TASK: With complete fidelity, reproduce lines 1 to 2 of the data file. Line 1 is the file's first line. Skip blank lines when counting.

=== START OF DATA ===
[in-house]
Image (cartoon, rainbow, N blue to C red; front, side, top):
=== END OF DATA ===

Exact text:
[in-house]
Image (cartoon, rainbow, N blue to C red; front, side, top):